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Transcript of Movie: UV Radiation and Kids

Video Audio

People tanning in water and on beach

The suntan.

It's a look a lot of people want to have.

Donna Hinkes, parent, speaking

You go on vacation and come back tan and they say you look so healthy.

Man and woman walking out of water onto beach

It's not just that people think a tan looks healthy - they think it looks sexy too.

Margaret Earlich, skin cancer patient, speaking

I think at one time tanning was sex appeal.

Cynthia Jorgensen, Doctor of Public Health at Centers for Disease Control, speaking

We know there's some segment of society that really wants darker, tanned skin and believes it's very beautiful.

Shannon Loveless speaking

I think they look like leather, personally, but... We'll see when I'm 40 and they're 40.

Shannon Loveless walking

Shanon loveless learned the hard way that tanning comes at a cost. She didn't always use sunscreen and stick to the shade.

Shannon Loveless speaking

I've been badly burned twice so my risks are a lot higher now.

Shannon Loveless facing camera

Only in her twenties, Shannon now worries about skin cancer.

Drusilla Hufford, of US EPA, speaking

One of the reasons why dermatologists have been concerned in the last few decades is because skin cancer is beginning to show up in younger and younger people.

People sitting in grassy park

Young girl playing in sand, bright sun overhead

It's believed that even one sunburn raises your chances of getting skin cancer, and that young people may be especially vulnerable.

Brief shots of SunWise educational materials, and a frisbee changing color

So there's a push to educate kids. The Environmental Protection Agency partners with schools in a program called SunWise. They use fun, unique tools, like a frisbee that changes color in the sunlight.

Drusilla Hufford speaking

It's a really active way to get kids to understand that even if their skin doesn't feel different, it is already absorbing some of the damage from the sun the minute they step outside.

Crowd cheering, soccer player running with ball, fan waving flag of DC United team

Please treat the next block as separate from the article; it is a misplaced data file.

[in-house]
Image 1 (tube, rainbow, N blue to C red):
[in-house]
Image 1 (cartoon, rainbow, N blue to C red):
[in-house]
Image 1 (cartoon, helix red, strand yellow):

To help give the message a higher profile, professional athletes are helping spread the SunWise word.

Brandon Prideaux, player for DC United team, speaking

The sun can be very dangerous. It's just really important to cover up and use sunscreen.

Parents with small child at beach, shaded by umbrella, applying sunscreen; children playing in sunny water

Most parents understand the importance of protecting their children from the sun's harmful UV radiation.

Two children in a covered stroller; Donna Hinkes speaking

I researched the stroller and we picked this one because it had the most protective shield to cover the kids in the sun.

Aileen Cavanaugh, parent, speaking

Daily, yes, lather them up with the sunblock. In the morning wash face, brush teeth, put on sunblock.

Couple jogging and pushing child's stroller

But too often, parents don't protect themselves the way they protect their kids.

Aileen Cavanaugh speaking

'Course I'm not setting the best example (laughs), but I do have sunblock on!

Mike Hinkes, shirtless in the sun, speaking

I should but I don't, I haven't.

Drusilla Hufford speaking

I really believe that there's a disconnect still between what we know and behaviors.

Shirtless man fishing on sunny day, people at the beach. (Drusilla Hufford speaking)

There's a sense that whatever it is that's out there that's bad, it can't happen to me.

People at beach

And so the beaches are still full of people who crave a tan.

Bright sun flares in camera lens, closeup of shoulder

But after bad burns as a teenager, Shannon Loveless knows what might lay ahead for her, and for them.

Shannon Loveless speaking

Skin cancer, premature aging.

Logos of EPA and The Weather Channel over background of blue sky and mountains

For the weather channel, I'm Nick Walker.

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